Participating institutions:
George Mason University (Fairfax, VA) - Applicant/Grantee
American Philosophical Society (Philadelphia, PA) - Participating institution

Project fields:
History of Religion

Program:
Scholarly Editions and Translations

Division:
Research Programs

Total amounts:
$290,000 (approved)
$290,000 (awarded)

Grant period:
10/1/2016 – 9/30/2019


RQ-249908-16

University of Southern California (Los Angeles, CA 90089-0012)
David Albertson (Project Director: 12/09/2015 to present)
K. Meredith Ziebart (Co Project Director: 02/24/2016 to present)

The Tegernsee Debate on Love and Reason: Mystical Letters and Treatises in Late Medieval Germany

Preparation of a one-volume facing-page English translation of fifteenth-century polemical theological and political documents written in Latin at Tegernsee Monastery, Germany.

In the 1450s a network of erudite German monks fought over the priority of love and intellect during mystical prayer. Their letters chronicle a local controversy at the Tegernsee monastery with momentous political consequences. Fifteenth-century reformers viewed emotional piety (love) as an antidote to scholasticim, but church authorities feared that denigrating reason (intellect) could frustrate dialogue with Islam. Although the religious and political quandaries of the Tegernsee Debate persist even today, the episode remains little known. The forty-two Latin documents are scattered across unedited manuscripts and uncorrected editions; only two have been translated. Our project gathers them into a single Latin/English volume in an outstanding series, and disseminates manuscript images through an open website. The project will inform studies of comparative spirituality, the politics of religious reform, medieval philosophy, Reformation studies, and interreligious dialogue.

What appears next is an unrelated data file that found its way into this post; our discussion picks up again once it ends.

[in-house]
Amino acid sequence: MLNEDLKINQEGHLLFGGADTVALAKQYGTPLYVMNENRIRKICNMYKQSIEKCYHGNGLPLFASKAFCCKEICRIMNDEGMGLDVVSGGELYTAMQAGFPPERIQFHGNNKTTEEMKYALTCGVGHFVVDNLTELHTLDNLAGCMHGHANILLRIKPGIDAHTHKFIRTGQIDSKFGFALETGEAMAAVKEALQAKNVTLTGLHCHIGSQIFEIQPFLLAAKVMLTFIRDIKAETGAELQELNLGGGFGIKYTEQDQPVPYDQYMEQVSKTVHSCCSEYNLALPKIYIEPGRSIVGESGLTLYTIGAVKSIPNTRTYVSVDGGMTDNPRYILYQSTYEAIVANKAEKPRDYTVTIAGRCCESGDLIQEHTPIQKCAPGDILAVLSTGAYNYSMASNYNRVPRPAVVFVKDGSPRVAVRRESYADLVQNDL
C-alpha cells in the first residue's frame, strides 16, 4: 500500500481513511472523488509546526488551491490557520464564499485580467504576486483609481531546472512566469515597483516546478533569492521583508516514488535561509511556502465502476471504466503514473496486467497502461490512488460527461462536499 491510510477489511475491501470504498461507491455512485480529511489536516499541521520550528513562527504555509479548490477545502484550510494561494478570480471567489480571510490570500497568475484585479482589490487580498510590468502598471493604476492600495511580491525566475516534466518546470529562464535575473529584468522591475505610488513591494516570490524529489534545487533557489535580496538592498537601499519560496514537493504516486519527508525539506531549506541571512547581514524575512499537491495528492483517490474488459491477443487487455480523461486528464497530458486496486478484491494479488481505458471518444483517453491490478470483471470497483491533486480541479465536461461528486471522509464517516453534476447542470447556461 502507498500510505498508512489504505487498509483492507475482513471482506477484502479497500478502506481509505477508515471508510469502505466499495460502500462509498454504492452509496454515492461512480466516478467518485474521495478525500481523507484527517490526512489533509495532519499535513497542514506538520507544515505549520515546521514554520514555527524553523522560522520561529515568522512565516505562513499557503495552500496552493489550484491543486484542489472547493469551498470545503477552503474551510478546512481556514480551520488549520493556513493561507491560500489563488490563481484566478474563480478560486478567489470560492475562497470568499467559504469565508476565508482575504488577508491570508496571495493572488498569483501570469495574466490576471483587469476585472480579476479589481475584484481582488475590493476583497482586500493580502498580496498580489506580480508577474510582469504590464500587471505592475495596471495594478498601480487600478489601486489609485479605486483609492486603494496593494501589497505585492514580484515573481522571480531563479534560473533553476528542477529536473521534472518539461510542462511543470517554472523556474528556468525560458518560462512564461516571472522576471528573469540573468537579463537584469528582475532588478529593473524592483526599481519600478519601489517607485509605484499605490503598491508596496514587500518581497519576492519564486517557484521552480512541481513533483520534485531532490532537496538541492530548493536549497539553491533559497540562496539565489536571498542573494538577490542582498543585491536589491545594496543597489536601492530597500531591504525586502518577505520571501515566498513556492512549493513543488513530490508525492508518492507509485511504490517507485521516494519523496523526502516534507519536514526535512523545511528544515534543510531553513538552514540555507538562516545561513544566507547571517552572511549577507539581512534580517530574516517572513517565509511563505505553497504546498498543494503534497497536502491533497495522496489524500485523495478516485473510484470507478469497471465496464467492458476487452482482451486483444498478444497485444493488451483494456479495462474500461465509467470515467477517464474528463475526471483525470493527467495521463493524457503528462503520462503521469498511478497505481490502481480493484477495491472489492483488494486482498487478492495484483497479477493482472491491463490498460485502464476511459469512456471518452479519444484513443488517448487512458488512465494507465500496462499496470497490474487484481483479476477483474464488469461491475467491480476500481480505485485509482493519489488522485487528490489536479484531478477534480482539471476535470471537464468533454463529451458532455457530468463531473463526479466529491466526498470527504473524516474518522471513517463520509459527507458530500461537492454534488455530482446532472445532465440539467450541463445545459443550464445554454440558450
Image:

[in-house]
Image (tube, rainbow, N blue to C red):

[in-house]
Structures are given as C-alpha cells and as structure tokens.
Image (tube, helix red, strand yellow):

Project fields:
Classical Languages; History of Religion; Medieval Studies

Program:
Scholarly Editions and Translations

Division:
Research Programs

Total amounts:
$230,000 (approved)
$230,000 (awarded)

Grant period:
10/1/2016 – 9/30/2019


RQ-249921-16

Wesleyan University (Middletown, CT 06459-3208)
Katherine Kuenzli (Project Director: 12/09/2015 to present)
Michael André (Co Project Director: 02/24/2016 to present)

Henry van de Velde: Selected Essays, 1889-1914

Preparation of a critical edition and translation of a selection of writings by the Belgian architect and art critic Henry van de Velde (1863-1957).